I should have known what that would mean. With the now much higher deductible it was a foregone conclusion that this would be the year that the deductible would matter. Sure enough, Laurie had to have not one, but two surgeries with all the concomitant costs of doctor’s visits, tests and medications. The costs blasted past the deductible like a supersonic missile. Boy, do I regret that decision. It has cost us literally thousands of dollars.
Regrets are unpleasant. It’s painful and somewhat galling to know that you made a mistake that cannot be undone. I have occasionally encountered people who talk about living without regrets or claim to have no regrets about their lives. I suspect that those people are either arrogant or they are not being entirely honest with themselves. After all, to claim to regret nothing is to say you have never made a mistake, never made a bad decision, never failed when you could have succeeded, never done anything that injured yourself or someone else in a way that could have been avoided. At least for me it doesn’t take all that much reflection to come up with a laundry list of things I wish I could do over. Some of those things are of much greater importance than merely losing some money. It is also important for us to note that if we do not admit the things we regret we will miss out on the benefit that comes from them. It is through regrets that we often grown and learn.
The Bible is replete with people who had serious regrets. Joseph’s brothers came to regret their mistreatment of Joseph. David regretted the fling he had with Bathsheba and the subsequent shameful coverup. Peter regretted his denial of his Lord on the night Jesus was arrested. Paul deeply regretted his terrible persecution of the followers of Christ. What are we to do with regret? It is a painful thing for all of us, and for some people it can be devastating. However, it is not without remedy. As I mentioned before regret can have positive impact on us.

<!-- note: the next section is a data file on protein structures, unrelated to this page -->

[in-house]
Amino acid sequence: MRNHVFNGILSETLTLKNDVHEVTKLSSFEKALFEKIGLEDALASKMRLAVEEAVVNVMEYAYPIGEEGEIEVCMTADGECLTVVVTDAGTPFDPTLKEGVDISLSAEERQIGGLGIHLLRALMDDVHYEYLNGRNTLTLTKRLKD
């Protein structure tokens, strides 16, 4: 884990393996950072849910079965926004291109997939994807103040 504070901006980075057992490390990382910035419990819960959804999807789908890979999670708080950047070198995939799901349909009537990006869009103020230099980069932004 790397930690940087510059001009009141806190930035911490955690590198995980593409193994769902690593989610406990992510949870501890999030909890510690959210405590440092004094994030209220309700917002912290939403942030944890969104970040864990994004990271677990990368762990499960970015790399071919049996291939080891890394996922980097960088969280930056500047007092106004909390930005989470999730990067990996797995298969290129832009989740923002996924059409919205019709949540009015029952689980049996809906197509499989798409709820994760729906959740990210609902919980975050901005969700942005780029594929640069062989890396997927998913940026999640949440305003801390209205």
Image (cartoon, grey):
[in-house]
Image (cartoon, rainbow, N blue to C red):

In dealing with regrets we must first take into account the grace of God. One beautiful aspect of the character of God is that he is able to forgive anything and redeem anything. He is able to somehow not only forgive us when we mess up but to somehow bring good out of it. So as God forgives us we must forgive ourselves for our regrettable foul-ups. After all, if a holy God is not going to hold it against us, who are we to disagree and hold it against ourselves?
Another thing that can help us is to grow from our regrets. God has something for us even in our failures. One of the things I have taken from my regrettable insurance choice is that while God wants us to be prudent, he is more concerned that we rely on his provision and rejoice in him. I have been reminded by this year’s events that God has plenty of money and will provide what I need. I don’t think he’s especially concerned with the money we have spent. So what I need to do is to trust in God’s provision for us, rest in that, and revel in his goodness to us. Whether we have a lot of money or a little, we have God’s presence with us and that is what matters most.
Another thing we can always take from our regrets is a deeper compassion for others who might fail in some way. Perhaps there is someone who has done something that has injured us. If we view their action through the lens of our own regrets that will make us more likely to have compassion for them, and that’s a good thing. There is no end of the lessons we can learn from mistakes we have made, even if we regret them. So the best thing we can do with our regrets is to admit them, not hide from them, trust God with them, and learn from them. Then, as Paul did, we can forget what lies behind and press on toward the goal (Philippians 3:13-14).